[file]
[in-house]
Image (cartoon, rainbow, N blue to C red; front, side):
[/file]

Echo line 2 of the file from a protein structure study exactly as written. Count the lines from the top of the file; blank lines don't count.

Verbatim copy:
Image (cartoon, rainbow, N blue to C red; front, side):